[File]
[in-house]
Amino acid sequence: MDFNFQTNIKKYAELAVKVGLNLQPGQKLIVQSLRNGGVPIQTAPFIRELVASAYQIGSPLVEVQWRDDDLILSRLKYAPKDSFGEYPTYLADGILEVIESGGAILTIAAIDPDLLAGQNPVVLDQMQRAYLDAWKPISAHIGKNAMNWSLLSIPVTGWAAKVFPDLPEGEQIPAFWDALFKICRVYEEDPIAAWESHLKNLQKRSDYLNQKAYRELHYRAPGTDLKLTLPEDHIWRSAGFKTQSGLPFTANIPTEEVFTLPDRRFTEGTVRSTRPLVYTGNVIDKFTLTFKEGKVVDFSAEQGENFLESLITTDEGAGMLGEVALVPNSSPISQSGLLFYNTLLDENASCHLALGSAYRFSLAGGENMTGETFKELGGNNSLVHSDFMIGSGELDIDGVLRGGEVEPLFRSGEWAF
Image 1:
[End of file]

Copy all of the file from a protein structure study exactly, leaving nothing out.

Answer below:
[in-house]
Amino acid sequence: MDFNFQTNIKKYAELAVKVGLNLQPGQKLIVQSLRNGGVPIQTAPFIRELVASAYQIGSPLVEVQWRDDDLILSRLKYAPKDSFGEYPTYLADGILEVIESGGAILTIAAIDPDLLAGQNPVVLDQMQRAYLDAWKPISAHIGKNAMNWSLLSIPVTGWAAKVFPDLPEGEQIPAFWDALFKICRVYEEDPIAAWESHLKNLQKRSDYLNQKAYRELHYRAPGTDLKLTLPEDHIWRSAGFKTQSGLPFTANIPTEEVFTLPDRRFTEGTVRSTRPLVYTGNVIDKFTLTFKEGKVVDFSAEQGENFLESLITTDEGAGMLGEVALVPNSSPISQSGLLFYNTLLDENASCHLALGSAYRFSLAGGENMTGETFKELGGNNSLVHSDFMIGSGELDIDGVLRGGEVEPLFRSGEWAF
Image 1: